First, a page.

Being transgender is not a phase or some fetish that some may view it as, it is much deeper than that.   In the realm of Gender Dysphoria, the mind does not match up with the body thus causing a disconnect between how one feels and how one looks.  Some may find this hard to understand but when one is transgender it is not something one wakes up with and decides “this sounds like fun”.  This is life or death and not just a decision. A need that is wrought with death threats, social isolation, or just total denial of ones true self. 

I personally attempted suicide 4 times before I was able to come to terms with my dysphoria, and in that time I tried everything to “just be a man” yet nothing worked.  I have dealt with the issues, and come out on the other side to find that the problem wasn’t me, but society.  

Caitlyn has had to deal with the same struggles and issue and no money can change that.  Depression doesn’t come with a payoff price.   She may have had the money to transition and have many amazing surgeries, but she also had a public life and has been the talk of every tabloid for the last year or more.  So is the fact that she has money a consolation prize? 

In the end it is news worthy because her transition may save the lives of many untold people dealing with dysphoria in the shadows, just as I have.   Is it really that bad to see on TV if it saves lives?  I just don’t understand how her struggle or transition could be in any way found humorous in the grand scheme of it all.  Sure, not every trans woman can be beautiful in societies eyes but living a genuine life, free of the prison that is dysphoria is beautiful.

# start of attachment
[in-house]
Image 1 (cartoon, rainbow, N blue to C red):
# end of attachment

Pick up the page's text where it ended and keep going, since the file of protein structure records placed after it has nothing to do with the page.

It is about being YOU, and not what society thinks.” 

Now as you can see I tried to be well versed and not crass or otherwise demeaning yet no response was received, yet it also sparked a thought in my mind.  Why do others have to view her as different because she has money and looks pretty?  Money could not buy her happiness and it also caused her to have a very public life.  Privacy is something many of us take for granted.  She was an Olympian, a hero to many kids in the 70’s yet she struggled in silence.  She forced her way through until this year when she finally had enough.  In the process she was laughed at and degraded to being inferior.  A joke on every major tabloid cover just for the ratings.   Now she is free as the beautiful woman she has always been and again we find other laughing and making light of her struggles.